Canada Anger Rises on Web Data Limits1 Feb, 2011 By: Erik Gruenwedel
An online petition reportedly denouncing Canadian regulatory efforts authorizing data limits imposed by the country’s cable and telecommunication operators on its subscribers has swelled to more than 200,000 signatures, according to Reuters.
Late last month the Canadian Radio-television and Telecommunications Commission approved initiatives by cable operators and telecommunication companies to charge subscribers extra when they exceed (download) more than select monthly data limits — typically from 20 gigabytes to 60 gigabytes.
Data limits came about shortly after Netflix last summer launched a streaming-only service in Canada, which some critics believed could expedite so-called “cord cutting” by subscribers looking to downsize monthly bills with less-expensive, Web-based entertainment.
AT&T, Verizon and other telecommunication companies joined cable operators looking to impose data limits, charging subscribers for overages.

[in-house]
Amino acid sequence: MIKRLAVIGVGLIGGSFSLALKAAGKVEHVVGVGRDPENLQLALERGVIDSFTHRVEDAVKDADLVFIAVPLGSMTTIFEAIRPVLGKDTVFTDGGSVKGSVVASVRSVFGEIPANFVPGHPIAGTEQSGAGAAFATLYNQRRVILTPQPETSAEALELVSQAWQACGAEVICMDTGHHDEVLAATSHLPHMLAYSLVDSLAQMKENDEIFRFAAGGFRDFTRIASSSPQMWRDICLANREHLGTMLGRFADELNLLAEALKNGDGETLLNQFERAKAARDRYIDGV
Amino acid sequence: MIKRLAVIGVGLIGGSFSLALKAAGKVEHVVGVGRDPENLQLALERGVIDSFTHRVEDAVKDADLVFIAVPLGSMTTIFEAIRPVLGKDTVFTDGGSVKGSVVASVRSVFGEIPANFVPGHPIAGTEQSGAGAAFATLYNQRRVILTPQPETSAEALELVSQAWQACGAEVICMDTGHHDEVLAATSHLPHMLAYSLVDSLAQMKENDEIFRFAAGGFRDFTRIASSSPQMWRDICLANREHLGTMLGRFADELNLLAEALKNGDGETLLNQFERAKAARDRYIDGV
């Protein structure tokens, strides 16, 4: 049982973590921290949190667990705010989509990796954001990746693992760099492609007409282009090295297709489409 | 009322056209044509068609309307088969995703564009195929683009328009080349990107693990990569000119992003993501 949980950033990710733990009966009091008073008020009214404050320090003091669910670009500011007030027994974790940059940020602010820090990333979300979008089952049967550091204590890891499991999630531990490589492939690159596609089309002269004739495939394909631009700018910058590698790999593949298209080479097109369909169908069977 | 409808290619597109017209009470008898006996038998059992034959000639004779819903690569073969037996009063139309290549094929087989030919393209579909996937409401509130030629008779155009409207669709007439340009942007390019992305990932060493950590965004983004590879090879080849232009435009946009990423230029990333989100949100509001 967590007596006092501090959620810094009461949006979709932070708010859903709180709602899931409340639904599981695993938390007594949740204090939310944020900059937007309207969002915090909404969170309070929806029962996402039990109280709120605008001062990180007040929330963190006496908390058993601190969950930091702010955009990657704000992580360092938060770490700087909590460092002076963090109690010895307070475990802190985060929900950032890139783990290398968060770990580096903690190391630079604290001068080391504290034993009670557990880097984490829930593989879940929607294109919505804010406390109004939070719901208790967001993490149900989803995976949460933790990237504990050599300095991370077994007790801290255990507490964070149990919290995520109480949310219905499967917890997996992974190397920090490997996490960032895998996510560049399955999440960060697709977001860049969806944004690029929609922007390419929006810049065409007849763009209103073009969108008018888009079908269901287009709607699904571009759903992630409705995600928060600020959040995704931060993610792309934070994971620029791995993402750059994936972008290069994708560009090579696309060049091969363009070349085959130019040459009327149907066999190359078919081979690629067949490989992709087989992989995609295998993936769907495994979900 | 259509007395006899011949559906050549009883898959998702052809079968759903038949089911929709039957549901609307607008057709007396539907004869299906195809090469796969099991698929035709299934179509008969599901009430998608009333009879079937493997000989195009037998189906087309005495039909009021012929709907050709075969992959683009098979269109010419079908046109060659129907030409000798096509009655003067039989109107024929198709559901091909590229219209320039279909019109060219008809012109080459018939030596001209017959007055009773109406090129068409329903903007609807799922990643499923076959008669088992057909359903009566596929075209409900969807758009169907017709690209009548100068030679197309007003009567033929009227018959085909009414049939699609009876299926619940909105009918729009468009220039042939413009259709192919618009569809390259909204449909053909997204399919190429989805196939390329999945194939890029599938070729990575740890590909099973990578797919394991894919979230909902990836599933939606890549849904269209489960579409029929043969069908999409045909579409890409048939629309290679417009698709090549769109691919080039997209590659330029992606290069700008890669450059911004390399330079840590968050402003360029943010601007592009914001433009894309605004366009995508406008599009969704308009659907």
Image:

Netflix CEO Reed Hastings, in a recent letter to shareholders, said the company is fighting excess charges domestic ISPs (notably Comcast) are imposing on it and/or content delivery networks (CDN) it works with, including Level 3 Communications.
“We think this inappropriate,” Hastings said. “As long as we pay for getting the bits to the regional interchanges of the ISP’s choosing, we don’t think they should be able to use their exclusive control of their residential customers to force us to pay them to let in the data their customers’ desire.”
In addition, Hastings said Netflix would aggressively fight efforts by wired ISPs to shift consumers to $1 pay-per-gigabyte programs versus current capped limits.
The CEO said ISP costs to deliver a marginal gigabyte, which is about an hour of streaming, from one of Netflix’s regional interchange points over their last mile wired network to the consumer is less than a penny.
“There is no reason that pay-per-gigabyte is economically necessary,” Hastings said. “It would be grossly overpriced.”
Indeed, Federal industry minister Tony Clement will reportedly review the CRTC decision forcing smaller ISPs to adopt the same usage-based billing as larger services Rogers Communications, BCE Inc. and Shaw Communications.
“As Canada’s industry minister, it is my job to encourage an innovative and competitive marketplace and to ensure that Canadian consumers have real choices in the services they purchase,” Clement said in a statement.